Hepatic safety and efficacy of immunomodulatory drugs used in patients with autoimmune hepatitis.

Terziroli Beretta-Piccoli, Benedetta; Buescher, Gustav; Dalekos, George; Zachou, Kalliopi; Geerts, Anja; Semmo, Nasser; Kolev, Mirjam; De Martin, Eleonora; Janik, Maciej K; Madaleno, João; Lalosevic Stojkovic, Milica; Dumortier, Jérôme; Vanwolleghem, Thomas; Schregel, Ida; Steinmann, Silja; Lacaille, Florence; Sebode, Marcial (2023). Hepatic safety and efficacy of immunomodulatory drugs used in patients with autoimmune hepatitis. (In Press). Journal of autoimmunity, 140(103113), p. 103113. Elsevier 10.1016/j.jaut.2023.103113

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BACKGROUND AND AIMS

There is little data on the hepatic efficacy and safety of immunomodulatory drugs used in patients with autoimmune hepatitis (AIH), despite their established use in dermatology, rheumatology and inflammatory bowel diseases (IBD). Our aim was to collect real-life data on the experience of expert centres in treating AIH patients with these drugs, considered unconventional for AIH management.

METHODS

Online survey among hepatology centres being part of the European Reference Network on Hepatological Diseases (ERN RARE-LIVER).

RESULTS

25 AIH patients have been reported. Ten were female, median age at diagnosis was 28 years; median follow-up was 17 months. All had initially received AIH-standard treatment. AIH-unconventional treatment was initiated for concomitant autoimmune diseases in 15 cases: nine for IBD (five vedolizumab and four ustekinumab), and one each for following diseases: autoinflammatory syndrome (tocilizumab), chronic urticaria (omalizumab), rheumatoid arthritis (abatacept), psoriasis (guselkumab), psoriatric arthritis (secukinumab, followed by ustekinumab) and alopecia (ruxolitinib). Three patients were treated with immunomodulatory drugs for side effects of previous treatments, including two patients with IBD treated with vedolizumab and ustekinumab, respectively, and one treated with belimumab. At the end of follow-up, 13 patients were in complete biochemical response, the patient on omalizumab had a relapse, and four patients with concomitant IBD had insufficient response. Seven patients were treated for lack of biochemical remission, of whom six with belimumab, all initially reaching complete biochemical response, but five relapsing during follow-up; and one with secukinumab, having concomitant rheumatoid arthritis and ankylosing spondylitis, reaching complete biochemical response. Only the patient on abatacept received unconventional treatment as monotherapy. Side effects were reported in two patients on belimumab: one recurrent soft tissue infections, one fatigue and arthralgia.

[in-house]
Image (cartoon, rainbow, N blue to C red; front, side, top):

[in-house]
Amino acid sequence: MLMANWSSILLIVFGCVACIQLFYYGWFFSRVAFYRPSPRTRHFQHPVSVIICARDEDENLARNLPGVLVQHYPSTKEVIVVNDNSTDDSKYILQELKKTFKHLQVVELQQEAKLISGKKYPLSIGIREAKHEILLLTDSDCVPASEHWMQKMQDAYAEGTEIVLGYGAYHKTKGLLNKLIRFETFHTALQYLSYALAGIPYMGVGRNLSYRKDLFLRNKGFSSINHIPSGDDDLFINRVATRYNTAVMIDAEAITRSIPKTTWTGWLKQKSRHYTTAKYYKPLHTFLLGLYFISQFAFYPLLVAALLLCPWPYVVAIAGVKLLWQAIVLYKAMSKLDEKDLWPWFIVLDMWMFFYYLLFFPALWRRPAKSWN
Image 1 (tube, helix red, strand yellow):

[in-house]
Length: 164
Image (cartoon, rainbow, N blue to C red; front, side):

CONCLUSION

Among 25 AIH patients who were treated with immunomodulatory drugs for different reasons, the majority had a fovorable course, relapse was frequent in difficult-to-treat patients who received belimumab, and four with concomitant IBD had insufficient response.

Item Type:

Journal Article (Original Article)

Division/Institute:

04 Faculty of Medicine > Department of Gastro-intestinal, Liver and Lung Disorders (DMLL) > Clinic of Visceral Surgery and Medicine > Hepatology
04 Faculty of Medicine > Department of Gastro-intestinal, Liver and Lung Disorders (DMLL) > Clinic of Visceral Surgery and Medicine

UniBE Contributor:

Semmo, Nasser, Kolev, Mirjam

Subjects:

600 Technology > 610 Medicine & health

ISSN:

0896-8411

Publisher:

Elsevier

Language:

English

Submitter:

Pubmed Import

Date Deposited:

18 Sep 2023 15:53

Last Modified:

19 Sep 2023 09:43

Publisher DOI:

10.1016/j.jaut.2023.103113

PubMed ID:

37716078

BORIS DOI:

10.48350/186365

URI:

https://boris.unibe.ch/id/eprint/186365

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